A Surety’s Perspective on Public Private Partnerships

A Surety’s Perspective on Public Private Partnerships

OK, I admit it. In recent memory, I don’t think I’ve read any articles on P3s from a surety’s perspective. I don’t find myself worrying “How does the surety feel?” when I read a case of an unpaid subcontractor.

I, for obvious reasons, tend to gravitate towards the portions of statute that protect our clients and afford those furnishing to construction projects the opportunity for payment security.

So, how does the surety industry view Private Public Partnerships (aka P3)? This precise question is answered in an article from Engineering News-Record (ENR).

Lenore Marema, VP of government affairs of the Surety & Fidelity Association of America (SFAA), wrote Surety Sector P3 Progress Report: How the Surety Industry Sees Public-Private Partnerships and she says, that although states are slowly adopting P3 laws, the number of states that have the laws is subordinate to whether or not the laws recognize the value of bonds necessary to complete these projects.

“State lawmakers have been adopting P3 laws slowly and steadily for over a decade. From the perspective of The Surety & Fidelity Association of America (SFAA), the critical issue isn’t how many states have such laws, but whether the laws recognize the value of surety bonds and lead to getting needed infrastructure projects done in states that lack the necessary funding.”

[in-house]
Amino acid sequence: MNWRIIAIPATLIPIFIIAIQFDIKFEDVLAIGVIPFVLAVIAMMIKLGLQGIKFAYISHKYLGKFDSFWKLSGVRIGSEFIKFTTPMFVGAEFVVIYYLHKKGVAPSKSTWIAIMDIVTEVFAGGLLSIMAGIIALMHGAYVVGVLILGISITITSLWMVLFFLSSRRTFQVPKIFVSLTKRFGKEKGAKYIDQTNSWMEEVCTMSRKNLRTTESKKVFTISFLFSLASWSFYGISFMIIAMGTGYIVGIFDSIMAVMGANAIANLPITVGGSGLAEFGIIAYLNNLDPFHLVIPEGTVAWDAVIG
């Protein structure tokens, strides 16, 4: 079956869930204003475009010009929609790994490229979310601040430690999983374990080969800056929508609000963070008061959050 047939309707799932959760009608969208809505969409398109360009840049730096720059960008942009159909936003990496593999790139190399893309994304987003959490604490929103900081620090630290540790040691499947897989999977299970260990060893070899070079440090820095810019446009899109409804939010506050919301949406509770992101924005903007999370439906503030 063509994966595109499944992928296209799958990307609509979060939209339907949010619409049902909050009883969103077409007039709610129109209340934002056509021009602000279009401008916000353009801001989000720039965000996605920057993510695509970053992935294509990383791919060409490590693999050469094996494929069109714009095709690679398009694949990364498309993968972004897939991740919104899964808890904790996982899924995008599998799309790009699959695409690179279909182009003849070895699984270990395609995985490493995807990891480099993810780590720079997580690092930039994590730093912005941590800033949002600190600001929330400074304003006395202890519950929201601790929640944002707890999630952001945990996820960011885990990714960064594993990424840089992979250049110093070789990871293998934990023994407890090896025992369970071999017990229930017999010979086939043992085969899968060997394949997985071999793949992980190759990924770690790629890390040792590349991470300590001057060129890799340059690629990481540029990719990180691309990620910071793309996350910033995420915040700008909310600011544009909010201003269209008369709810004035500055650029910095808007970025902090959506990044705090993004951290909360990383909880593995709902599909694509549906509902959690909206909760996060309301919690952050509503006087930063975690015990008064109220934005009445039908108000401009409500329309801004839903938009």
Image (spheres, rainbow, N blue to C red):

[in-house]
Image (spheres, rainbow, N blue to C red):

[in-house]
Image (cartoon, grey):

Marema goes on to note that SFAA and the American Insurance Association (AIA) feel the P3 laws need to have a bonding requirement and that these projects should be bonded in line with those projects bonded under a state’s Little Miller Act.

“Construction under any P3 produces a public facility, such as a road or wastewater facility, and it should be bonded under the state Little Miller Act just like a public works project delivered under any other method.”

Marema also noted that it’s important that these bonds only cover design and construction and are not for operations and maintenance, as design and construction are within their qualified purview.

Based on Marema’s review of 2016 P3 legislation, it appears states are on the right track. She specifically referenced the four states that have passed P3 legislation this year, (KY, LA, NH & TN), as all four have included a requirement for a surety bond for design and construction within their statute.

Marema’s parting words reinforce the vital need for sureties and bonds.

“There is a lot more work to be done to ensure sureties’ role in these projects. Bonding is sound public policy that has assured successful completion of construction projects and protected businesses for decades—and that holds true regardless of who is providing the revenue stream for the projects.”

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